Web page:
If You Thought Hugging Was Complicated, Kissing Is Worse

Last week we covered the slightly fraught topic of how to navigate the world of friendly greetings when you’re not much of a hugger, which brings us to an even more complicated version of greetings–kissing. I had a really embarrassing time on vacation in Paris with a cousin’s French fiance, who went in for the double kiss as I sort of frantically waved my arms in a hug attempt while also kissing the air and I think his neck? It was bad, guys. And according to this map by Radical Cartography, I am not alone in being totally confused about the protocol. The map was made in 2013 but whatever, we just found it, and it’s totally relevant.

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How are you supposed to know? Why is it spread out like this? WHO KISSES FIVE TIMES?? The lesson I’m pretty much getting out of this is never greet anyone in France.

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How Do You Cut The Cheese (Every Pun Intended)

Oh boy, cheese etiquette. This is something near and dear to my heart. Last year for Christmas my fiance got me a beautiful bracelet and a $25 gift certificate to a fancy cheese store and I was 10 times more excited about the cheese. Actually, when I first met my fiance at summer camp, it was taco night and I asked him to go back up to the fixins bar and get me a cup of shredded cheddar cheese. And he did. And then I was violently ill but that’s love right?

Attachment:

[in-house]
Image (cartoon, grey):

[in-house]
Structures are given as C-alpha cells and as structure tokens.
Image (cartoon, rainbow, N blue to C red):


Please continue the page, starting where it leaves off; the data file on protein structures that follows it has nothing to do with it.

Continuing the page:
Now mostly, I’d say screw cheese etiquette because 90% of the time I enjoy cheese like this:

However, if you’re at a party, snuggies and/or personal cheese knives may be discouraged, and there are a few rules to follow to make sure everyone enjoys the cheese plate equally.

1. Don’t scoop out the cheese from the rind. Oh my god, if you’re one of those finicky people who can’t stand the rind of the creamy, soft cheese it covers then you have no place in my life. And if you’re one of those people who uses a cracker to scoop out brie from its rind, leaving nothing but the shell for everyone else, I’m saying right here that your host has my full permission to publicly call you out and never invite you back. Take a full slice, rind and all, and just eat out the center from the privacy of your plate if you must.

2. Don’t mix knives. This is pretty standard for most foods, but especially for cheese, because as Bonjour Paris puts it “Cheese is alive and flavors of neighboring cheeses are easily absorbed.” THE CHEESE IS ALIVE, EVERYONE!

3. Cut the cheese based on its natural shape. This means if it’s a wheel, cut it in a wedge like a pie. If it’s square, cut off even square slices. If it’s a wedge, cut along the sides so the wedge shape is preserved. In countries where cheese eating is more prevalent, children are taught to cut the first wedge out of a wheel at about the width of a pencil. This is adorable.

4. In France, where cheese is serious business, you should not cut the point off a wedge of cheese (see the point above). They even have a name for when you do it: “breaking the nose.”